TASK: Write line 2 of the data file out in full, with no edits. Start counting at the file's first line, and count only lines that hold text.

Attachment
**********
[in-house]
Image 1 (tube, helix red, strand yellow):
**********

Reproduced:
Image 1 (tube, helix red, strand yellow):